The 2016 Presidential Election—Identities, Class, And Culture

Thursday, June 22, 2017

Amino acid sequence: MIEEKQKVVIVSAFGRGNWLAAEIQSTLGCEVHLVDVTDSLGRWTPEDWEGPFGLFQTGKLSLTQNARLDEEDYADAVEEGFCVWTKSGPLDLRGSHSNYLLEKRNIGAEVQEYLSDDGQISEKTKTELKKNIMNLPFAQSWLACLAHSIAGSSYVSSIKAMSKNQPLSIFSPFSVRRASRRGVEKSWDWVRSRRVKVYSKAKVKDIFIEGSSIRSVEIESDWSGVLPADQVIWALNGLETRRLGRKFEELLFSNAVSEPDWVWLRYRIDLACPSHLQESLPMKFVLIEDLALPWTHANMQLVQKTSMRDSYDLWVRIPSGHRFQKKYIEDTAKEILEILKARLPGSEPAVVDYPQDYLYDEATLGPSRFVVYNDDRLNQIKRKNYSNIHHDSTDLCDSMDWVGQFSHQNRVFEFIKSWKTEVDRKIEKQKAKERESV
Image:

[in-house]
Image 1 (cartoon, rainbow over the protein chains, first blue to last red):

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In the aggregate the 2016 election returns were similar to those in 2012, but the consequences of the voting were dramatically different. This contrast highlights the fact that in a majoritarian system like that in the United States minor changes in the vote can produce major changes in government control and the public policies that result. That fact was overlooked by many commentators who quickly concluded that the election was a stunning indication of widespread racism, ethnocentrism and misogyny. While detailed studies are sometime in the future, preliminary observations suggest that such negative motivations played no greater a role in 2016 than in other recent elections. Rather, the dynamics of the election mostly reflected the fact that the parties nominated two candidates whom the electorate regarded as seriously flawed (Essay 10). The one more closely associated with the status quo lost in a race that the economic fundamentals indicated would be very close. Looking ahead, perhaps the most significant feature of the 2016 voting was the reappearance of anti-establishment “populist” sentiments that are roiling the politics of other advanced democracies.

 

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